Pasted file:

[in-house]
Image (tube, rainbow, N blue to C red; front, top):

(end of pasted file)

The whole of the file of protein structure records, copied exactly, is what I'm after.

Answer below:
[in-house]
Image (tube, rainbow, N blue to C red; front, top):